The Novel 1984 by George Orwell Essay

1981 Words 8 Pages
Since the beginning of time man has tried to build vast empires to control the globe. Manifest Destiny has been sown into our human nature creating in us the desire to conquer. In the United States, we are accustomed to a safe democratic government where everyone has a voice and freedoms, but what if it all changed? What would it even look like for America to be stripped of all our freedoms, rights, and liberties? We think this is crazy and could never happen, but George Orwell illustrates, throughout his novel 1984, the possible dangers of complete government control. Even though this exaggerated society seems farfetched, many of his fictional governmental qualities are starting to line up with our government today. Throughout the novel …show more content…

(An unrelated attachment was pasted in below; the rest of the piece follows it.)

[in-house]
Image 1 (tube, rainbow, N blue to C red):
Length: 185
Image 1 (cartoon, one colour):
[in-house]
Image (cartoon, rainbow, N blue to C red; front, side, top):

The Ministry of Truth would alter past events for the purpose of exalting Big Brother. The party preyed on the fear of its people from which it derived its power. Because of this fear, it was impossible to rebel against the party “which controlled the citizens of Oceania with systematic disinformation, unremitting surveillance, and the pervasive threat of violence and imprisonment” (Malinowitz). Another tool in the arsenal of Big Brother is its ability to make any laws, unchecked by the people. From writing a diary, to loving someone, to even being outside after dark, the party considers all of these threats to the empire, so they deem them illegal. Anything that held “any political or ideological significance” (Orwell 36) was banned. What is even worse than “crimes” is “thought crime” (Orwell 74). Thought crimes had no written constitution but were perspective to whoever was in charge. Thought police where hired to specifically weed out anyone that showed signs of resistance to the government. Because of the unknown, it creates fear from the people: and that’s the point. Because of the party's ability to change the laws at any point of time to suit their needs, no one wants to defy it at all. Because of this fear "everyone is mistrustful of everyone they don't know and spying on your neighbor is encouraged" (Toure). Children even turn their parents in to the thought police for the “fun” of it (Orwell 120). Another attempt at taking complete

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